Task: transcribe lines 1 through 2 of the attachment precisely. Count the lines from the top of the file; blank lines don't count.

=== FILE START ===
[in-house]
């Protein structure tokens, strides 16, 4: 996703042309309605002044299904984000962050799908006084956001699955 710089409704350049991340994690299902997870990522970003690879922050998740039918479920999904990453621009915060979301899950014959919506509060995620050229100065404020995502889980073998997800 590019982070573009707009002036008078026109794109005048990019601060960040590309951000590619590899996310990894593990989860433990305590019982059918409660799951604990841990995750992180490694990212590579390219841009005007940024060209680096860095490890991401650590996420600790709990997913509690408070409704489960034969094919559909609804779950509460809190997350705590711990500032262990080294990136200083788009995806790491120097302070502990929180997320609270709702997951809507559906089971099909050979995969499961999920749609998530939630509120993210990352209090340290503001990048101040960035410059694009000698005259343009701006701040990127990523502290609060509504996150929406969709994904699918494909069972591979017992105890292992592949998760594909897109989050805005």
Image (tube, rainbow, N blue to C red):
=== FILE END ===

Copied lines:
[in-house]
């Protein structure tokens, strides 16, 4: 996703042309309605002044299904984000962050799908006084956001699955 710089409704350049991340994690299902997870990522970003690879922050998740039918479920999904990453621009915060979301899950014959919506509060995620050229100065404020995502889980073998997800 590019982070573009707009002036008078026109794109005048990019601060960040590309951000590619590899996310990894593990989860433990305590019982059918409660799951604990841990995750992180490694990212590579390219841009005007940024060209680096860095490890991401650590996420600790709990997913509690408070409704489960034969094919559909609804779950509460809190997350705590711990500032262990080294990136200083788009995806790491120097302070502990929180997320609270709702997951809507559906089971099909050979995969499961999920749609998530939630509120993210990352209090340290503001990048101040960035410059694009000698005259343009701006701040990127990523502290609060509504996150929406969709994904699918494909069972591979017992105890292992592949998760594909897109989050805005």